Nina Mozer interview: There is no point of leaving good in search of something better

Discussion in 'Great Skate Debate' started by quiqie, Mar 26, 2013.

  1. quiqie

    quiqie Well-Known Member

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    Nina Mozer interview: "There is no point of leaving good in search of something better"

    http://winter.sport-express.ru/figureskating/reviews/29860/

    Next year, Nina Mozer will bring her skaters to the Sochi Olympics to fight for gold medals. For Tatiana Volosozhar this will be her third Olympic Games. For Maxim Trankov - his second. For their coach - her first. This was the starting point in our conversation several days after Volosozhar/Trankov had became World champions for the first time in London, Canada.

    EV: Olympic Games are considered special event, incomparable to any other competition. Do you agree with that?

    NM: Not really. I have never been to the Olympic Games myself, but I always understood that it is completely different professional level. When I watched Olympic games on TV, I was mostly interested in its sports component. I tried to understand how the result is influenced by psychology, other things. But I don't have a feeling that Olympic Games are that much different.

    EV: What Olympic performances were the most memorable for you?

    NM: Pairs skating in Salt Lake City. Not the fact that there were two gold medals, but the skating of Russian and Canadian pairs.

    EV: Which one should have won, in your opinion?

    NM: What do you expect to hear from a Russian National team coach? In all seriousness, I just enjoyed the skating of both pairs, not trying to separate them. It is judges' work. I liked some things better about Lena Berezhnaya and Anton Sikharulidze, and some other things - about Jamie Sale and David Pelletier.

    EV: Doesn't it feel like a deja vu? A year before 2002 Olympic Games Sale and Pelletier became World champions. Now two strong Canadian teams emerged among the top pairs. Do you consider them potentially dangerous competitors?

    NM: When the grown up, experienced skaters team up, it is always interesting. I remember Kirsten Moore-Towers and Dylan Moskovich back when they first appeared in 2009. I watched all Grand Prix events then, videotaped all the performances to be able to rewatch them if necessary. I remember Meagan Duhamel as well since when she skated with other partners. Same with Eric Radford. They teamed up around the same time as Tatiana and Max, and before that, Eric skated with one of his previous partners in Ingo Steuer's group. Ingo even had an idea to pair up Volosozhar and Radford. I give full credit for this team's great performance of such a difficult program to their coaches, Richard Gauthier and Bruno Marcotte. I like this coaching duo so much that I've been following their pupils for many years.

    EV: Duhamel and Radford must be on top of that list?

    NM: What I don't like about this particular team, it's their height and weight difference. Although they made a great progress this year. They are very serious competitors. But to pair up a petite muscled girl and tall refined partner, it is very difficult technically. They have completely different muscle structure. When Meagan needs to bend her knees just a little on an entry to a twist, lift, or a throw, the partner has to go almost all the way down on his knees. This is why Duhamel and Radford have a very particular technique of performing pairs elements. It isn't evident in the short program, but in the free, where there are three lifts, technical problems immediately become obvious. At the World championships in Moscow, which was Meagan and Eric's first competetion together, she broke his nose coming down from the twist. Their throws are very small, she basically just jumps while the partner stands by her side.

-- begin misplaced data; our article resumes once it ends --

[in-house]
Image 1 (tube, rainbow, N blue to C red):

EV: I never noticed that.

    NM: At first, I didn't realized myself what was so striking. It was Maxim who noticed that first. He has a good eye for such things.

    In addition, Duhamel has male body type, she has male muscle building. And not very straight legs. It is good for skating, makes easier exiting jumps. But aesthetically it is a big flaw: air positions during spins often looks sloppy. In this regard, I like second Canadian pair better. Partners are very well matched in speed and movements. When they perform pairs elements, they look like one. Such harmony is very good for pairs skating. Like Tatiana and Maxim. When skaters jump, they take off at the same time, land at the same time, and do it all with good speed, it always leaves very powerful impression.

    EV: Are you planning to add some new elements in the Olympic season?

    NM: We learned two completely new lifts this season. There won't be any significant changes in the rules before the Olympics, so we don't plan anything new. To leave good for the better, in my opinion, is not right. We just need a good program, to find the style that will benefit us the most. Of course, there will be some minor changes, but most technical element will be the same.

    EV: And the layout?

    NM: Except for one jump, that we moved to the first part of the program before the World championships, most of the difficult elements are already in the second part. The lifts, the throws. We decided to leave triple twist in first half. It looks the best when performed on "fresh" hands and legs, we wouldn't want to make it look worse. We just need to skate good and pretty.

    EV: What are your plans for your new pair - Vera Bazarova and Yuri Larionov? When did you make a decision to take them into your group?